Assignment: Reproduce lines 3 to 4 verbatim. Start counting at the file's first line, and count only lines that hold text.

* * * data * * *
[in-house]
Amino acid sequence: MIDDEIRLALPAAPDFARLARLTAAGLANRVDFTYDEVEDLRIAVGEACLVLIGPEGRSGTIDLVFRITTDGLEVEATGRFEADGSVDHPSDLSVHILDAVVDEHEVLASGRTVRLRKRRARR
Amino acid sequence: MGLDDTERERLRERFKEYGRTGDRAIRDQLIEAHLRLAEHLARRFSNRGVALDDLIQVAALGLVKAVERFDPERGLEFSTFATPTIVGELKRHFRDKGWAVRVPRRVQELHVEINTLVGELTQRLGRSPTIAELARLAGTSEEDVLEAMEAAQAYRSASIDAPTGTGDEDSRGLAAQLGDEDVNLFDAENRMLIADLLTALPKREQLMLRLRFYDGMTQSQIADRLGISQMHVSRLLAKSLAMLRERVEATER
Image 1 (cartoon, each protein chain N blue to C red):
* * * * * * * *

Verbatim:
Amino acid sequence: MGLDDTERERLRERFKEYGRTGDRAIRDQLIEAHLRLAEHLARRFSNRGVALDDLIQVAALGLVKAVERFDPERGLEFSTFATPTIVGELKRHFRDKGWAVRVPRRVQELHVEINTLVGELTQRLGRSPTIAELARLAGTSEEDVLEAMEAAQAYRSASIDAPTGTGDEDSRGLAAQLGDEDVNLFDAENRMLIADLLTALPKREQLMLRLRFYDGMTQSQIADRLGISQMHVSRLLAKSLAMLRERVEATER
Image 1 (cartoon, each protein chain N blue to C red):